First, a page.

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Beyond my diagnosis – A Speech at Toastmasters

Posted on March 2, 2017 in Agitation Mixed States Suicide

This is a speech that I gave for our club’s International Speech Contest. I am afraid that it did not come out as neat as this text — about two thirds of the way through I lost track of where I was. But I came in second nontheless.

square951My rage was volcanic; my despair, oceanic in its depth. I texted my last will and testament to my wife, then found a log in Whiting Ranch Wilderness Park where I could sit and map out the best way to cut my wrists. That was the whole plan. That is how I decided to end the pain. Alone.

But then my cell phone rang. I picked it up. It was my psychiatrist. She asked “Are you all right?” I let her talk me into going to South Coast Medical Center. I agreed to put my mind – my brain – in a place where my opinions about its wellness could be measured against the opinions of trained outsiders.

First thing I did when I got there was demand my diabetes medications. The nurses stared at me, then made some notes that I can only presume mentioned the fact that I had almost carried out a suicide and now wanted drugs that would keep my pancreas healthy for an indefinite length of time. The next day I met my in-patient psychiatrist. He leafed through my charts, then looked up at me with tired, kind eyes and said “Has anyone ever told you that you were bipolar?”

This was when my recovery began. I finally received the right diagnosis. But to understand what happened next, let me share with you a concept out of medical anthropology and biopsychosocial psychology, that of the disease versus the illness.

Now I have a disease – it is called bipolar disorder. My brain is compromised. It’s something that I handle through medication. Around this kernel are other things like the anxiety I feel when I am in episode, the bad habits I follow as a way of coping. But it doesn’t end there. There’s also the effect that my disease and my handling of it has on my wife, on my friends, and my extended family. How my culture sees that disease, especially in negative sense of “stigma”. All of that plus the actual disease is my illness.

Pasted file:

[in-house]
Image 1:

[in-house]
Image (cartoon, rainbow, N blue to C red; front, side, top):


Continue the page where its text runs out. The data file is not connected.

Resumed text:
The first thing I had to learn – the thing that anyone with half a resolve to overcome bipolar disorder has to learn – was that while there are parts of having this illness that only I could fix, there are many more parts that I needed to get help to fix. I had to turn to others if I was to muddle my way through.

One day, I decided to go to a support group. I was scared to death. Two women got into a fight! Then I looked around the room, took a deep breath, and said to myself “Everyone here is mentally ill. Including me.” I listened and I not only heard my story, but I heard of better ways to cope. I opened my mind to being helped by others, help that went beyond my secretive appointments with my psychiatrist and my therapist. Eventually I reached beyond the support group and participated, once more, in the world.

It is the great lie of our time that we can do it all by ourselves, that we just unlock our hidden potential and become super humans. I know of no one in my experience – and you can’t name anyone – who has gotten where they are without help from others. It was the nature of my illness, in part, to believe that I did not need other people, that it was in my power to become a god.

In psychiatry, that is called grandiosity. Eventually it leads to depression. My recovery depended on letting go of that delusion as soon as my medication and insight allowed. To get beyond my diagnosis, I had to trust others.

And isn’t that what Toastmasters is all about? Yes, we put in the work to become better speakers by practicing in front of the mirror, but we come here every week to get beyond that poor, silly diagnosis of glossophobia – fear of public speaking. We come here to see our story play out before an audience. We come here to gain insight from others about our affliction and how we can overcome it. We come here to share our experience to help others. That is how we succeed. Together.

I could not control my symptoms, overcome my anxiety for public speaking, or become a Mensch – a better human being – without engaging in a grand contract between me and the world. You are part of that world. I am part of yours. Together let us flourish.

  • Random Quote

    “It is easier to forgive an enemy than to forgive a friend”
    by William Blake
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